Monday, June 3, 2013

The Blue Hour by Beatrice Donahue

The Blue Hour

In a drowsy English village at the dawn of the 1920s, Rosina King sleepwalks through her unhappy life—until one deep blue evening, when she is finally woken by a kiss. American painter Eve Soames is the embodiment of a thoroughly modern woman: fearless, financially independent, and strong-willed. When Eve bursts into her life, Rosina finds herself mesmerised, and also unsettled by what she senses Eve might teach her.

I received this book from the publisher in exchange for an honest review.

Some books stay with you long after the last page. This is one of them. I finished the book in one sitting, sighing and clutching my e-reader with joy. This story is an awakening and I fell in love with it on the first page. Rose is an unhappy woman, trapped in a life with an abusive man she hates. When she by chance meets the enigmatic Eve at a party, she knows her life will never be the same. Hunger like she has never known stirs her blood and she feels alive. Eve is captivating and the contrast between the fragile Rose and the more worldly and evocative Eve is breathtaking. It is sweet, beautifully written and has haunted my dreams ever since.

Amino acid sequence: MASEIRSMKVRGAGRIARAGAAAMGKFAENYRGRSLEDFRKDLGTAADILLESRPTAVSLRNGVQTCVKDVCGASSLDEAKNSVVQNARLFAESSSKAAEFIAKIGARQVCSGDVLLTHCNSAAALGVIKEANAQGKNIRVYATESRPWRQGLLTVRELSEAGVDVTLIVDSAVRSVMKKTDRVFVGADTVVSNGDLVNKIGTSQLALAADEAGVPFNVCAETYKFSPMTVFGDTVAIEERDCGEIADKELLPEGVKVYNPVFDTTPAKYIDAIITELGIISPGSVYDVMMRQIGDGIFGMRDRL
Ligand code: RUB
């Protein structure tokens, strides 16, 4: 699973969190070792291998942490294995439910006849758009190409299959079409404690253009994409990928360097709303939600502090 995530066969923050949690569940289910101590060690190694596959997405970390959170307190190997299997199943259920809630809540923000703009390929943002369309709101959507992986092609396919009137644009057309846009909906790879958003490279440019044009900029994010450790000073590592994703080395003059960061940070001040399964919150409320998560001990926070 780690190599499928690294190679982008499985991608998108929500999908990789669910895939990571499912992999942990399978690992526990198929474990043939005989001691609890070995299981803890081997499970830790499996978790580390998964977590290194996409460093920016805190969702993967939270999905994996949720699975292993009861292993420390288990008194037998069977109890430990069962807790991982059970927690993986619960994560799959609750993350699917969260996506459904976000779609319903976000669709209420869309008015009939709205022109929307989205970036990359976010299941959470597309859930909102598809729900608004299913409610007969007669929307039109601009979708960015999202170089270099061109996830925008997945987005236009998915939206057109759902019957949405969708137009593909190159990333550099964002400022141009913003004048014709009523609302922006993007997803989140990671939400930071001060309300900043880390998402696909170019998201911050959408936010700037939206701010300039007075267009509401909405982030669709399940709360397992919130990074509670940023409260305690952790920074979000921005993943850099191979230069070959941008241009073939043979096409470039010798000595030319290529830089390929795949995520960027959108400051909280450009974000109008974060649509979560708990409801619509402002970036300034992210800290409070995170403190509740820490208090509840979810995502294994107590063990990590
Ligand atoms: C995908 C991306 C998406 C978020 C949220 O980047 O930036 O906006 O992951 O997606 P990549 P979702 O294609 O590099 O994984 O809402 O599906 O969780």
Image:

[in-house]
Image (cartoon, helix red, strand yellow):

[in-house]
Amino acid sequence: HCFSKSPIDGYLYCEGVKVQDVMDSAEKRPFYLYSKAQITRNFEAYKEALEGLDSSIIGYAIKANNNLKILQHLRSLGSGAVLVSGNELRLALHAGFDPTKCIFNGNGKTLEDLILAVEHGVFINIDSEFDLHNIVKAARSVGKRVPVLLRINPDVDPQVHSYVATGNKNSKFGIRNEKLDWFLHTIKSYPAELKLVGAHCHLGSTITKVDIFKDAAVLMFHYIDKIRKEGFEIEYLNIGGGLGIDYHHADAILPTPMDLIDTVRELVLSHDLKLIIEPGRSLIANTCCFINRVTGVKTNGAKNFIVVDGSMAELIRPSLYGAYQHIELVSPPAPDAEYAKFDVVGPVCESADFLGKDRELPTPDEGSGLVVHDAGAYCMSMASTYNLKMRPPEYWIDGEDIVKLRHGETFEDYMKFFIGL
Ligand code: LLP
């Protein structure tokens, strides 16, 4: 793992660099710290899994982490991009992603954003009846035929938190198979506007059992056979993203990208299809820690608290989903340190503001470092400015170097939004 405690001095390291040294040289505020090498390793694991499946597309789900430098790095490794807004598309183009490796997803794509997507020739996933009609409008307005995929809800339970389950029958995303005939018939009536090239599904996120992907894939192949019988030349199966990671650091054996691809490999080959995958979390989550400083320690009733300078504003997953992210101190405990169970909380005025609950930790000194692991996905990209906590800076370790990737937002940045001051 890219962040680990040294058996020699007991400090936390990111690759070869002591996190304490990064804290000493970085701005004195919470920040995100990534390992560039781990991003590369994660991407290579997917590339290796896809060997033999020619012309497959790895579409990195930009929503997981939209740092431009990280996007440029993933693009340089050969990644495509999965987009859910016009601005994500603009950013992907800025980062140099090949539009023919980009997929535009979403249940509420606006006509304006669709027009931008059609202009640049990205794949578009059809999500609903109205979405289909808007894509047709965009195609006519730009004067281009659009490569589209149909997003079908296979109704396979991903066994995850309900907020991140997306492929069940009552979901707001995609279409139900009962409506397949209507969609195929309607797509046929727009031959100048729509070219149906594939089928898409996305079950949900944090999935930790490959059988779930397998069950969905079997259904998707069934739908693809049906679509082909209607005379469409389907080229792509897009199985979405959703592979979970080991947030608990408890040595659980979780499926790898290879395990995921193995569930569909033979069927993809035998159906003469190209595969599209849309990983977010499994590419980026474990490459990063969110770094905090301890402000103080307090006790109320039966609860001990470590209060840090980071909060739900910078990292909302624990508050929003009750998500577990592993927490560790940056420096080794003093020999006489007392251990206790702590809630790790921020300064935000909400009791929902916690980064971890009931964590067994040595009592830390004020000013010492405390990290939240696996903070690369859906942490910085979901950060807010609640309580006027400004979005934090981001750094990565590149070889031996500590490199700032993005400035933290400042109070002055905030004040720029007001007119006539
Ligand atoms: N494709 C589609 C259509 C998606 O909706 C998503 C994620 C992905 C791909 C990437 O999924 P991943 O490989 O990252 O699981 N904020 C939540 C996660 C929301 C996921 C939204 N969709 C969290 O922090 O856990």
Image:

Author Beatrice Donahue has ensnared my heart with this thoughtfully written tale. The words are like a finely wrought tapestry full of beauty, sadness and hope for the future in a time that made it difficult for a woman to stand up to abuse and truly live. Erotic, beautiful and luminous as a pearl, this short novelette is one I will return to again and again for a touch of blue and the brush of a rose petal on the skin. Many are being struck by the 1920's and the Gatsby craze. This is one you won't want to miss. 


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